I’ve never worked in corporate America. And every work environment I’ve ever been in has had a power differential that has swayed dramatically in women’s favor. But I have spent years listening to my friends enumerate the many challenges they face at work, describe horrible bosses, and recount less than pleasing communications with co-workers. In the past I’ve just been able to listen and nod. Now I can hand them the new book by Jane Miller, “Sleep Your Way to the Top* (And Other Myths About Business Success)”.
This book is a fun and easy read that’s packed with useful information to help you get to the top without having to do anything unmentionable to get there.
Recently I sat down with Jane to learn more about the book and her goal of getting it in the hands of every 22- to 30-year-old out there.
How do you spend your days?
I worked in corporate America for 30 years. I am the former CEO of a $100M+ food company and I had a great run heading $1 billion divisions of well-known companies like Frito-Lay, Bestfoods and Heinz. These days I am focusing primarily on doing non-profit work such as sitting on the board of Unreasonable Institute, mentoring, and building JaneKnows.com.
What made you want to write the book?
After many years of piling up titles and experiences, I began mentoring students in the business school at CU. I discovered that many of the students share common concerns and they were asking me similar questions about how best to interact with co-workers, bosses and bullies. I decided to try and put my best advice in a book. But I didn’t want it to be another stuffy CEO tell-all. I wanted it to be a useful handbook that someone could pull out when sticky situations arise to get the answers they need. It’s like having your very own business mentor in your back pocket.
How did you come up with the title?
I was on a hike one day with a girlfriend and we were talking about all of the corporate life game changing experiences we had. There’s a lot of crazy shit that happens in the corporate world! A pivotal experience that stood out for me was when I was offered a big job that no woman who came from marketing had ever held. Soon thereafter rumors began to fly that I got it because I slept my way there. It was a very difficult experience, both personally and professionally, but I learned a lot about myself and how to handle tough situations because of it. Plus, it gave me the idea for a great book title!
Who is this book for?
It’s for young people who are just getting started in their careers and negotiating their first few jobs. However, even though it’s primarily targeted to 22- to 30-year-olds, I’m finding that many people are reading it for tips on how to be better bosses to the younger people in their organizations.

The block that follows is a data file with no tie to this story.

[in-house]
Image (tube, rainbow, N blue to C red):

This book has been described as a cross between Sheryl Sandberg and Chelsea Handler. Can you tell me more about that?
I think the most important thing Sheryl Sandberg’s book “Lean In” did was start a relevant dialogue about women being heard in the workplace. It engaged so many readers and got the conversation started, whether people agreed with her or not. When it comes to Chelsea Handler, she’s just funny. The best part about her is that she doesn’t take herself too seriously. I try to do that and always have. I wanted my book to be a fresh voice for young people so they realize they can have hugely successful careers without giving up their own voices or turning into robots that just go through the motions. Yes work can be serious, but it can also be a lot of fun on the way to the top.
What has been the most exciting byproduct of writing the book?
Without a doubt, it’s the reaction I’ve been getting from people who tell me they are reading it and USING it to improve their situation at work, communicate more effectively, and set bigger goals for themselves.
You decided to publish your book with FG Press. How has that been?
Fantastic. Dane and Sandy and all of the authors at FG Press have made this experience simple and fabulous. I’ve heard so many horror stories from friends and colleagues who have written books and either went with a traditional publisher or self-published. I feel so lucky to have crossed paths with FG Press. I have a second book in the works and I look forward to working with them on that one too.
How long did it take to write the book?
Who has been your greatest mentor/teacher?
Poppy. My grandfather.
What do you consider your greatest success in life so far?
Moving beyond my personal circumstances to create a meaningful and financially successful career that now allows me the freedom, time, and opportunity to give back.
What secret talents do you have?
I’m a seamstress. I don’t think I’ve ever told anyone that before. When I was really poor, I would make pillows and blankets and clothes. I don’t have to do that anymore, but it was a great skill to have.
If they made a movie about your life, which actress should play you?
The now version of me: Annette Bening
The younger version of me: Emma Watson
What are you working on now?
My second book is going to be about helping men in corporate America be better mentors to women. This is something I am super passionate about and I believe that so much of my work has come down to this. Men don’t know how to bring out the best in women and I think the workplace is suffering because of it. I’m also really excited about my new podcast, Jane Knows Business, which I’ll be launching soon.
What can readers who enjoy your book do to help make it a success?
Write a review on Amazon. Give it to their friends, daughter and sons. Make it required reading in their business courses. Tweet about it. Leave it on their bosses’ desks. Stand on the corner and sell it. I don’t know. I’m open to suggestions!
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